9 amazing things hiding in mediocre games
Brink

There are awesome, classic games that we all love to talk about. And of course, there are plenty of stinkers too.

But what about those games that had some genuinely fantastic mechanics and concepts, only to be let down by the overall execution of the experience?

Behold some of the best ideas ever dreamt up by developers, concealed in a let-down of average muck.

Here we run down nine of our favourite great things in otherwise not so great games. Whether boasting a cool gameplay quirk, an ingenious section or a great way of delivering narrative, these games shot for the stars, but only parts of them made it.

The mind hacking in MindJack

Mindjack game

The fact that the central mechanic of this game is referred to as ‘Mind Hacking’ while the game itself is actually called MindJack should set alarm bells ring straight away. We’re sure there’s some kind of trademark based legalities at play here (perhaps there’s something else out there already called MindHack), but it just seems odd.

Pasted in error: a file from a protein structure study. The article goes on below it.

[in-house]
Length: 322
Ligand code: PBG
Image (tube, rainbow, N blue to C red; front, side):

This Square Enix-published title from 2011 (though it looks five years older than that) is a third-person cover shooter in the vein of Gears of War, but it also comes with some interesting mind play mechanics.

Take down an enemy without killing them and you’re able to Mind Hack them, which sees them joining your side and turning against their former friends. It feels awesome to have all manner of heavily armoured, overpowered enemies rush you, only to recruit them for yourself and charge towards the lesser grunts in a confident blaze of gunfire.

Unfortunately, poor visual design and a host of infuriating bugs saw this game lost to the mists of time.

The terraforming in Fracture

Fracture game

This generic 2008 third-person action game had you playing a guy called Jet Brody (a stereotypical video game hero name if ever there was one), and a convoluted story involving a new, futuristic American civil war. So far, so forgettable.

But where it did stand out was in its unique terraforming mechanic, which allowed the player to manipulate the battlefield in any way he or she saw fit. Find yourself facing off against a bunch of enemies with no cover in sight? No problem. Simply raise the ground in front of you to make your own!

The mechanic also allowed players to jump to areas not normally reachable, and launch enemies into the air and into ceilings, and it’s probably worth picking up a cheap copy for this interesting mechanic alone, if not the forgettable package it all comes wrapped up in.

The multiplayer in Perfect Dark Zero